One of the top Christian bands, if not THE top, is Twenty One Pilots led by two talented artists, Tyler Joseph and Josh Dun. By ‘top’ I refer to the intertwining of intelligibility and Christianity, for their work invites its listeners to critically think, as all modern music ought to do. In this sense the band strives to be intelligent in its creativity. Additionally, its songs revolve around Christianity, or at least the Christian lens as it were on the world at hand. This element resides in the practicing Christian that Joseph is and Christianity’s influence upon him and his work.
One particular song that I will examine is ‘Oh Ms. Believer,’ the title of which is a paronomasia pun between the meanings ‘misbeliever’ and ‘a woman with beliefs.’ The song addresses misconstrued belief and its resurrection. The former meaning provides the premise upon which the rest of the song builds, while the latter meaning provides an element of love within the song that lends to the manner in which Christ mitigates the misbeliever of misconstrued belief, that is through communion. How does the song revolve around misbelief? What is significant of communion?
I would like to begin with the phrase “the dead of winter.” This phrase resides in the fourth line of the song, however, with the words ‘winter’ (1.4) and ‘dead’ (1.4) switched around in order to make an internal rhyme at the end of verse 1. This internal rhyme lends itself to the deeper meaning of the phrase “the dead of winter” in that the writer(s) not only refers to the time of winter but of winter the symbol of death, for the lyric states “the winter of dead” (1.4).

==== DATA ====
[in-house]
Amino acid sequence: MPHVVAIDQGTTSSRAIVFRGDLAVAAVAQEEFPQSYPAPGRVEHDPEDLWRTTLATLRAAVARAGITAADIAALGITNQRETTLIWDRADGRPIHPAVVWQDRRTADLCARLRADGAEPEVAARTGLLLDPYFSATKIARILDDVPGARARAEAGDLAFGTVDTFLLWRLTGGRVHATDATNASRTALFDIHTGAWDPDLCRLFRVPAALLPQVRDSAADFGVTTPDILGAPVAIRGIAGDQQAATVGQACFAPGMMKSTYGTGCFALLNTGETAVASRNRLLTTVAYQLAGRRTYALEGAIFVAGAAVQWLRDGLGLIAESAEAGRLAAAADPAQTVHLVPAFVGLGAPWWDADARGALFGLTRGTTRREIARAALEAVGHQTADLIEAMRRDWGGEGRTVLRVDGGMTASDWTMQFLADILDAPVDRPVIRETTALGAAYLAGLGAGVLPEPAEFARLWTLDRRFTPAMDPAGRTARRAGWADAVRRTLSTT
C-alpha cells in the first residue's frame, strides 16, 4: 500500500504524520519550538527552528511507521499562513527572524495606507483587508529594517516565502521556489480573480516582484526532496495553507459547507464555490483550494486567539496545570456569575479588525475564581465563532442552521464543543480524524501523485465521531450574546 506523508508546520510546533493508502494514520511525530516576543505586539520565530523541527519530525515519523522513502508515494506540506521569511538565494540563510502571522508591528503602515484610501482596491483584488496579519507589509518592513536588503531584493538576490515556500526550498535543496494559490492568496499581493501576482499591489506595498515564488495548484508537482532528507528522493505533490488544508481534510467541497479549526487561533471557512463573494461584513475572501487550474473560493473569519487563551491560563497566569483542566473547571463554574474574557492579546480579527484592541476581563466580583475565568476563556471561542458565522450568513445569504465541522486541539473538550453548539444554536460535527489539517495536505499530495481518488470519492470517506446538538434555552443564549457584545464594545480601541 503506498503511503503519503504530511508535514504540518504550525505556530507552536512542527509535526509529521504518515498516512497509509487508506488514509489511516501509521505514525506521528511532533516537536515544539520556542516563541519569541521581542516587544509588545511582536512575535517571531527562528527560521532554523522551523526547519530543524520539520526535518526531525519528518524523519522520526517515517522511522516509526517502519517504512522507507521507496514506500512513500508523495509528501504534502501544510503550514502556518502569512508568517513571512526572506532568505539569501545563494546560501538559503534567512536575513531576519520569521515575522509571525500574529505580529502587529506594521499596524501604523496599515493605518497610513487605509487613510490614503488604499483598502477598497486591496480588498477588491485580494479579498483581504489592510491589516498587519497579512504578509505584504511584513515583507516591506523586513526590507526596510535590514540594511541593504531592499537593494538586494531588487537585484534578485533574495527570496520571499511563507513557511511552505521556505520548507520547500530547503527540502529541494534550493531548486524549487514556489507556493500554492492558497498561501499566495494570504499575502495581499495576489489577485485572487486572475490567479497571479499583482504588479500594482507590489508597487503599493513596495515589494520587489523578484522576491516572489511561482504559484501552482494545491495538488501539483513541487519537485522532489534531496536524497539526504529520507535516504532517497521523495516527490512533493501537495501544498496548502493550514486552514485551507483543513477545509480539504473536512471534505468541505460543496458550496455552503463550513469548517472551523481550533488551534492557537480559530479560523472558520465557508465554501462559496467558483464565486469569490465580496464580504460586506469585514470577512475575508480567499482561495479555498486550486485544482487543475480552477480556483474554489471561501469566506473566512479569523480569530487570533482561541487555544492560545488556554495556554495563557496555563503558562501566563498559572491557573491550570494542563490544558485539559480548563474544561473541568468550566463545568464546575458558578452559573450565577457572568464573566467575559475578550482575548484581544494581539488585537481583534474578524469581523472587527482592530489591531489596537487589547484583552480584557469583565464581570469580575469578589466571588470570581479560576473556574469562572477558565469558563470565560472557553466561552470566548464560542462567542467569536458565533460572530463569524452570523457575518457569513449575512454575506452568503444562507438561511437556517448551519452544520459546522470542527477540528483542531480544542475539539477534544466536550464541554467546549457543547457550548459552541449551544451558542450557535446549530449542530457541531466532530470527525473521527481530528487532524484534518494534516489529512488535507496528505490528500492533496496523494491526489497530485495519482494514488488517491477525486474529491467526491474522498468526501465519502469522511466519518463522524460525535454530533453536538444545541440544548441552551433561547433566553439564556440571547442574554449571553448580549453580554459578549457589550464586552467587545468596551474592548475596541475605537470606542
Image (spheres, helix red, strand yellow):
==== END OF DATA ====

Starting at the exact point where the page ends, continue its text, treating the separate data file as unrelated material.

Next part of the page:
The composer(s) of the song explicates how the misbeliever finds herself colder than the environment in which she resides, the winter of dead. Her ‘shaking shoulders’ (1.3) signify that her ‘twisted mind’ (1.2) is more dead to belief than the death that results of winter. I wonder if Joseph purposely alliterated ‘shaking shoulders’ to impress the listener’s mind with this reality of the misbeliever? Whatever the case, the rhetor of the poem finds himself with a Christian tension when his ‘pretty sleeper’ (1.1) muffs her ears, as any misbeliever might do because of the cold environment, thereby preventing any mitigation of misconstrued belief from the Christian who not only desires to be mitigated but to do the mitigating of the woman of her ignorance.
The singer of the song attempts to mitigate the misbeliever through sympathy and ultimately love. The singer proclaims he loves her (the misbeliever), and through his love he judges her. I wonder how many would find Christian judgment radical and foolish? But indeed, he first judges her to be a ‘sleeper’ (1.1), and than he judges that her muffs distill her fears. Of what fears we know not but only that she has them. The significance of verse 1 is that the rhetor travels with her through the cold environment despite her ignorance. In this sense, he is Christ-like. Moreover, the composer pleads for the struggling believer to “take his hand” (4.3) as Christ invites all to take His.
The rhetor of the song gives hope to the misbeliever by emphasizing the element of community in traveling through the “foreign land” (2.3) and repeating the line “together we go” (pre-chorus, 2.5, 6) four times. The composer purports in verses 3 and 5 how traveling might get deadlier as the years go on, but together they will learn to walk slower despite the cold and any fears that may arise. The singer acknowledges the manner of mitigation here in that through communion he and his lover will grow stronger in belief.
I appreciate the work of Twenty One Pilots, and I hope they continue to invite their followers and listeners to ponder their lyrics.
Joseph, Tyler. “Oh Ms Believer.” Twenty One Pilots, 2009, www.youtube.com/watch?v=sKU91Zjf2uQ.